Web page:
Evaluating Internet Resources: A checklist

Unlike most print resources such as magazines, journals, and books that go through a filtering process (e.g. editing, peer review, library selection), information on the Internet is mostly unfiltered. So using and citing this information in a report and is a little like swimming without a lifeguard (BEWARE!). The following guide provides a starting point for evaluating World Wide Web sites and other Internet information.

Authority

bulletWho is the author of the piece?
bulletIs the author the original creator of the information?
bulletDoes the author list his or her occupation, years of experience, position, education, or other credentials?

Affiliation

bullet

What institution (company, organization, government, university, etc.) or Internet provider supports this information?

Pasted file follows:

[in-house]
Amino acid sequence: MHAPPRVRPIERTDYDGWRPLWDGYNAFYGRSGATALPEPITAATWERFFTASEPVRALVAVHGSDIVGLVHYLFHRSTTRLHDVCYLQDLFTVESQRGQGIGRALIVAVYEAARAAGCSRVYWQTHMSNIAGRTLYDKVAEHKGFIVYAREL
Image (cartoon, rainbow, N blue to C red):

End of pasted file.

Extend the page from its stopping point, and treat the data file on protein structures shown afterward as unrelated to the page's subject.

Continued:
bullet

If it is a commercial Internet provider, does the author appear to have any connection with a larger institution?

bullet

Does the institution appear to exercise quality control over the information appearing under its name?

bullet

Does the author’s affiliation with this particular institution appear to bias the information?

Currency

bulletWhen was the information created or last updated? (most good pages list this information near the bottom of the main page)

Purpose

bullet

What appears to be the purpose for this information?

bullet

Inform

bullet

Explain

bullet

Persuade

Audience

bullet

Who is the intended audience?

Compared to what?

bullet

What does this work/site offer compared to other works, including non-Internet works?

Conclusion

Given all the information you determined from above, is this Internet site appropriate to use as a source of reliable information?